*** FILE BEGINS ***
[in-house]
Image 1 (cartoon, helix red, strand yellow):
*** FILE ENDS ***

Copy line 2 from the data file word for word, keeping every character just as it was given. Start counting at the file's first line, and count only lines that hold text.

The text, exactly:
Image 1 (cartoon, helix red, strand yellow):